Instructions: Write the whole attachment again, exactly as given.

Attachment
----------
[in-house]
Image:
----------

[in-house]
Image: